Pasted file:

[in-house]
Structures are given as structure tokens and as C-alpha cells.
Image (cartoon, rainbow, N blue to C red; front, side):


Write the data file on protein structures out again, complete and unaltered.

[in-house]
Structures are given as structure tokens and as C-alpha cells.
Image (cartoon, rainbow, N blue to C red; front, side):